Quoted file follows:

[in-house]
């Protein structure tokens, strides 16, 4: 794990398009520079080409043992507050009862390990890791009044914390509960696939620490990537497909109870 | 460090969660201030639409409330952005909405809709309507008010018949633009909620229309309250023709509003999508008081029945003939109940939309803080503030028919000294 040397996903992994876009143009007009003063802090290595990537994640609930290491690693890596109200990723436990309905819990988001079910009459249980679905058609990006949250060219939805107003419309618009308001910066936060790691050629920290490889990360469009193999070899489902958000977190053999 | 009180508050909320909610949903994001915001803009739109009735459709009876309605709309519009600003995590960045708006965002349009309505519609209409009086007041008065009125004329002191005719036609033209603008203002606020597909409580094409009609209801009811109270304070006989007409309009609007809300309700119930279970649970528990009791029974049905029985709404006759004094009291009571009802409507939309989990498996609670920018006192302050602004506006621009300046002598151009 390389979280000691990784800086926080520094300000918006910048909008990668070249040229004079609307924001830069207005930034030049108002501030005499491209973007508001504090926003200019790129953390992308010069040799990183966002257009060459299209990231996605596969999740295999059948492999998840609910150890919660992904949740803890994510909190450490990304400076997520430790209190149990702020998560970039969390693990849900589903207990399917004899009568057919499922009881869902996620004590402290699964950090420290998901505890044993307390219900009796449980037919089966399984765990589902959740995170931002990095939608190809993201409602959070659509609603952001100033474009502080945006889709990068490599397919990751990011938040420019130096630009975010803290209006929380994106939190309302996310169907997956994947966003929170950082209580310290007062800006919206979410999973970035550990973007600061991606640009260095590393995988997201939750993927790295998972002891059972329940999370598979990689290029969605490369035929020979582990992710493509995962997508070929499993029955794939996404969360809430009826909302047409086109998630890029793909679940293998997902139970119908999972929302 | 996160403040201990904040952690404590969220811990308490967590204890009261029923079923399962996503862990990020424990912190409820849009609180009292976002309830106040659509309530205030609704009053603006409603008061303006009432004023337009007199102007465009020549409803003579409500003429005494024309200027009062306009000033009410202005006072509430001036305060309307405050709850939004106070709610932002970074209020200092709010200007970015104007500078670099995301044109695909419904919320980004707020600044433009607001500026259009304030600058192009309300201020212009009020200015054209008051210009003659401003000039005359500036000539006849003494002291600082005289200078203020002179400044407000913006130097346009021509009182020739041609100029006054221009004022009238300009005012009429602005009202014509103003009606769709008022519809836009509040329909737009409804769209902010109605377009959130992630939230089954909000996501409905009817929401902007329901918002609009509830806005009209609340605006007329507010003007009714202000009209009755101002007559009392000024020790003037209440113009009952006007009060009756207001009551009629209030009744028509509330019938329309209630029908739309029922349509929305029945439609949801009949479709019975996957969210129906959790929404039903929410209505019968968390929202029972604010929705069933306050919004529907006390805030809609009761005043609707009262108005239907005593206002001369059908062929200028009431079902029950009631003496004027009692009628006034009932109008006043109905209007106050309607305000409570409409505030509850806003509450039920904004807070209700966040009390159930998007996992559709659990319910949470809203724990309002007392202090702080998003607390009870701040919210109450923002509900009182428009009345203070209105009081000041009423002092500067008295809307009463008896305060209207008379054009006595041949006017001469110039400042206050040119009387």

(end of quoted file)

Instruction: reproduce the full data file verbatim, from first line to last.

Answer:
[in-house]
């Protein structure tokens, strides 16, 4: 794990398009520079080409043992507050009862390990890791009044914390509960696939620490990537497909109870 | 460090969660201030639409409330952005909405809709309507008010018949633009909620229309309250023709509003999508008081029945003939109940939309803080503030028919000294 040397996903992994876009143009007009003063802090290595990537994640609930290491690693890596109200990723436990309905819990988001079910009459249980679905058609990006949250060219939805107003419309618009308001910066936060790691050629920290490889990360469009193999070899489902958000977190053999 | 009180508050909320909610949903994001915001803009739109009735459709009876309605709309519009600003995590960045708006965002349009309505519609209409009086007041008065009125004329002191005719036609033209603008203002606020597909409580094409009609209801009811109270304070006989007409309009609007809300309700119930279970649970528990009791029974049905029985709404006759004094009291009571009802409507939309989990498996609670920018006192302050602004506006621009300046002598151009 390389979280000691990784800086926080520094300000918006910048909008990668070249040229004079609307924001830069207005930034030049108002501030005499491209973007508001504090926003200019790129953390992308010069040799990183966002257009060459299209990231996605596969999740295999059948492999998840609910150890919660992904949740803890994510909190450490990304400076997520430790209190149990702020998560970039969390693990849900589903207990399917004899009568057919499922009881869902996620004590402290699964950090420290998901505890044993307390219900009796449980037919089966399984765990589902959740995170931002990095939608190809993201409602959070659509609603952001100033474009502080945006889709990068490599397919990751990011938040420019130096630009975010803290209006929380994106939190309302996310169907997956994947966003929170950082209580310290007062800006919206979410999973970035550990973007600061991606640009260095590393995988997201939750993927790295998972002891059972329940999370598979990689290029969605490369035929020979582990992710493509995962997508070929499993029955794939996404969360809430009826909302047409086109998630890029793909679940293998997902139970119908999972929302 | 996160403040201990904040952690404590969220811990308490967590204890009261029923079923399962996503862990990020424990912190409820849009609180009292976002309830106040659509309530205030609704009053603006409603008061303006009432004023337009007199102007465009020549409803003579409500003429005494024309200027009062306009000033009410202005006072509430001036305060309307405050709850939004106070709610932002970074209020200092709010200007970015104007500078670099995301044109695909419904919320980004707020600044433009607001500026259009304030600058192009309300201020212009009020200015054209008051210009003659401003000039005359500036000539006849003494002291600082005289200078203020002179400044407000913006130097346009021509009182020739041609100029006054221009004022009238300009005012009429602005009202014509103003009606769709008022519809836009509040329909737009409804769209902010109605377009959130992630939230089954909000996501409905009817929401902007329901918002609009509830806005009209609340605006007329507010003007009714202000009209009755101002007559009392000024020790003037209440113009009952006007009060009756207001009551009629209030009744028509509330019938329309209630029908739309029922349509929305029945439609949801009949479709019975996957969210129906959790929404039903929410209505019968968390929202029972604010929705069933306050919004529907006390805030809609009761005043609707009262108005239907005593206002001369059908062929200028009431079902029950009631003496004027009692009628006034009932109008006043109905209007106050309607305000409570409409505030509850806003509450039920904004807070209700966040009390159930998007996992559709659990319910949470809203724990309002007392202090702080998003607390009870701040919210109450923002509900009182428009009345203070209105009081000041009423002092500067008295809307009463008896305060209207008379054009006595041949006017001469110039400042206050040119009387």